Microsoft Teams With SugarCRM

At the Open Source Business Conference West in San Francisco Tuesday, Microsoft and SugarCRM unveiled plans to enhance interoperability between Microsoft Windows Server and the open-source CRM vendor's products.

Plans call for SugarCRM in early summer to deliver a distribution of its upcoming SugarSuite 4.5 platform optimized for key Windows Server services, including Active Directory, Internet Information Server and SQL Server, said John Roberts, CEO of Cupertino, Calif-based SugarCRM. The distribution will be released under the Microsoft Community License, one of three licenses offered in Microsoft's Shared Source initiative.

Microsoft and SugarCRM said the technical cooperation and Microsoft-sanctioned license give their mutual customers--those who wish to run open-source applications on Windows--additional comfort and benefit. They estimated that nearly 35 percent of current SugarCRM users run the software on Windows.

Historically, the proprietary and open-source software worlds have been at odds. Vendors and customers that backed open-source platforms expressed a desire to run open-source applications on operating systems such as Linux in order to break free of the licensing restrictions of proprietary platforms like Windows and Unix.

Sponsored post

But as open-source applications, such as JBoss and SugarCRM, have gained popularity, traditional proprietary software companies like IBM, Microsoft and Oracle have rushed in to capitalize on--rather than fight--the new regime of open-source competitors.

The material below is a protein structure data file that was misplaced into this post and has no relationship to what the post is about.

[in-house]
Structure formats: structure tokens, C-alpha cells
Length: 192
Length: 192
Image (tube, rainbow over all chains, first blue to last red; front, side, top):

On Tuesday, Oracle said it acquired Sleepycat Software, an open-source database maker. The deal came in the wake of published reports last week that said Oracle was in negotiations to buy JBoss for as much as $400 million and was eyeing other open-source firms.

IBM, a pioneer in the open-source space, has formed partnerships with many open-source projects, notably Linux, and was instrumental in the development of Eclipse, the dominant open-source development platform. But last year, the Armonk, N.Y., IT giant expanded its reach and role in the open-source world when it bought Gluecode, an open-source rival in the application server market. It was IBM's first acquisition of an open-source company.

Microsoft, for its part, last year signed a partnership with open-source competitor JBoss that was similar in scope to the deal executed with SugarCRM this week. The JBoss alliance, designed to enhance the performance of JBoss' open-source application server on Windows, is expected to bear fruit this year.

Such developments reflect proprietary software vendors' growing interest and investment in open-source players and shows the rapid rate at which the two software worlds are colliding. Still, IBM's Gluecode acquisition and Microsoft's and Oracle's increasing activity in the open-source arena raise a disturbing question: Are traditional software companies doing deals to serve customer interests or simply to eliminate or subjugate open-source rivals?

Many proprietary software makers are finding that partnering with or acquiring open-source companies is easier than starting a successful open-source project, said Dave Gynn, application infrastructure practice manager at Optaros, an open-source consulting firm in Cambridge, Mass. Such deals likely will have material benefit for customers, but there are inherent dangers for users and solution providers, he said.

"The good news for enterprises is that, in many cases, a deal could mean that a mature support organization will be available for the project," Gynn said. "But some of these deals will be bad if the software company is simply buying out a potential competitor to get access to the user base or to kill off the project."